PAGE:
Brionna Jones, a former Aberdeen High School basketball star, will be in Nashville this weekend as the Maryland Terrapins play in the Final Four.
She is the third Harford County resident, and the first woman, to play in a Final Four, joining Edgewood's Dudley Bradley, who played with North Carolina in 1977, and Aberdeen's Jai Lewis, who played with George Mason in 2006. The Terps face undefeated Notre Dame at 6:30 p.m. Sunday.
"I'm excited, definitely," Jones said of Maryland's first trip to the Final Four since the Terps won the national championship in 2006. "This is what we worked for all season, what you're always working for, to get to nationals, and have a chance to win there. Everyone on the team is excited to get down there and play."
Jones said her teammates from high school have been contacting her since the tournament began on March 22.
"I've gotten a lot of texts and tweets from old teammates, especially after the win on Tuesday," Jones said. "It's been super positive. Everyone has just said they're proud of me, that they're rooting for Maryland."
The 6-3 freshman helped Aberdeen win a state 3A girls basketball title and finished her high school career with nearly 2,000 points.
On Tuesday, the Terps held off a late scramble by Louisville, 76-73, to win the regional championship in Louisville.
"It was both exciting, and really, really stressful," Jones said Wednesday, describing Tuesday's wild game. "When they were coming back at the end, there was a long stretch where they only needed one more three to tie it up. If they had hit that last shot, I don't know how we would have reacted. That's what it was: exciting and stressful."
She described the scene at Tuesday's regional championship win, during which Louisville came back from a 12-point deficit in the final two minutes and missed what would have been a game-tying three-pointer in the final seconds, as a mix of extreme emotion.
Jones, a center with the Terps, played 15 minutes in Maryland's three-point win over Louisville, pulling down five rebounds during her time on the court. She has played in every Terps game this season, including nine starts. Her best offensive game was the 18 points she scored Jan. 16 against Syracuse.
The Terps, fourth seeds in their bracket, beat top-seeded Tennessee, 73-62, in the Sweet 16, defeated fifth-seeded Texas, 69-64, in the second round and opened the tournament with a 90-52 rout of 13th seed Army. After the Terps play Notre Dame Sunday, Stanford and undefeated Connecticut meet at 9 in the other national semi-final game. The winners play at 7:30 p.m. Tuesday for the national championship.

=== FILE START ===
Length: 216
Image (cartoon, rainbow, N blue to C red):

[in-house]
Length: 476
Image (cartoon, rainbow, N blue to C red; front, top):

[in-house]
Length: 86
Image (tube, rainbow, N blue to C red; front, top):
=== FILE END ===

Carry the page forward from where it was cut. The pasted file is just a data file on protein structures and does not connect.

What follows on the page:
Jones and her former Aberdeen teammates made it to three straight Class 3A state championship games from 2010 to 2013, winning the last two, but the 2013 title drive took place while Jones was sidelined with a career-threatening injury. Nine games into the 2012-13 season, during a game against North Harford, Jones tore the anterior cruciate ligament in her right knee on a routine layup. Jones underwent ACL surgery three weeks later, and sat out the rest of her senior season. She ended her high school career with 1,812 points, passing the 1,000-point mark at the beginning of her junior season.
"At first that was tough to deal with," Jones said. "It was my senior year, and I knew we had a good chance to get to the state finals again. But, I knew that being negative about it wasn't going to help, so I focused on what I could do to get healthy and get in shape for college."
Her plan worked, as Jones, who signed a letter of intent to attend Maryland in 2012, jumped into action with the Terps this season, and says her repaired knee doesn't give her any trouble.
Jones, whose sister, Stephanie, just finished her sophomore season with Aberdeen, is the second Aberdeen basketball player to make it to a Final Four.
Lewis, a member of Aberdeen's 2000 Maryland Class 2A State Champions, starred at George Mason. In 2006, Lewis and his 11th-seeded team shocked top-seeded Connecticut in the regional final, propelling George Mason into the Final Four. The Cinderella run ended with a 73-58 loss to Florida in the national semifinals.
Bradley helped Edgewood win a regional championship in 1974 and a Class B state championship in 1975, his senior year. During his sophomore season at UNC, Bradley helped the Tarheels beat Kentucky to win the East Region. In the Final Four, Bradley and UNC beat West Region champ UNLV, 84-83, but lost, 67-59, to Marquette in the National Championship game.
If Jones and the Terps beat Notre Dame, she will be one of the only two Harford County athletes to play in an NCAA Division I basketball championship game, and she will still have a chance at becoming the only Harford basketball player to win a national championship.Copyright © 2015, The Baltimore Sun